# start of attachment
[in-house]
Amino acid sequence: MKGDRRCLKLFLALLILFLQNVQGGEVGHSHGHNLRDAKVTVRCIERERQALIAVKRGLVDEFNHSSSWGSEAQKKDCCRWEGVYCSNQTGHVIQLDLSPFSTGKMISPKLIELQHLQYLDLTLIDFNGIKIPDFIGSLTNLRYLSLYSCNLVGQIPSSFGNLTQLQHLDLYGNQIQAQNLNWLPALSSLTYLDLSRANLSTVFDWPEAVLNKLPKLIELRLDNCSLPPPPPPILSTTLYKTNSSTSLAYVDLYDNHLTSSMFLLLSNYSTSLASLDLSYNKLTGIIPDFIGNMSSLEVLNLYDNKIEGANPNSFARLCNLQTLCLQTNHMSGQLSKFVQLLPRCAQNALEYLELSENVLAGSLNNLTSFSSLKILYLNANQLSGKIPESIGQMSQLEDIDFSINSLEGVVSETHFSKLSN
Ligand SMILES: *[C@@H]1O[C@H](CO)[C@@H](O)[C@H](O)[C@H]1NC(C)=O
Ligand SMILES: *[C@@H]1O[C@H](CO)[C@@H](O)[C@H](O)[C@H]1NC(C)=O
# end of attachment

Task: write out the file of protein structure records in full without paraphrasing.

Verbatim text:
[in-house]
Amino acid sequence: MKGDRRCLKLFLALLILFLQNVQGGEVGHSHGHNLRDAKVTVRCIERERQALIAVKRGLVDEFNHSSSWGSEAQKKDCCRWEGVYCSNQTGHVIQLDLSPFSTGKMISPKLIELQHLQYLDLTLIDFNGIKIPDFIGSLTNLRYLSLYSCNLVGQIPSSFGNLTQLQHLDLYGNQIQAQNLNWLPALSSLTYLDLSRANLSTVFDWPEAVLNKLPKLIELRLDNCSLPPPPPPILSTTLYKTNSSTSLAYVDLYDNHLTSSMFLLLSNYSTSLASLDLSYNKLTGIIPDFIGNMSSLEVLNLYDNKIEGANPNSFARLCNLQTLCLQTNHMSGQLSKFVQLLPRCAQNALEYLELSENVLAGSLNNLTSFSSLKILYLNANQLSGKIPESIGQMSQLEDIDFSINSLEGVVSETHFSKLSN
Ligand SMILES: *[C@@H]1O[C@H](CO)[C@@H](O)[C@H](O)[C@H]1NC(C)=O
Ligand SMILES: *[C@@H]1O[C@H](CO)[C@@H](O)[C@H](O)[C@H]1NC(C)=O